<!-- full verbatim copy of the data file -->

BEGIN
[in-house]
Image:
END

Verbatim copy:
[in-house]
Image: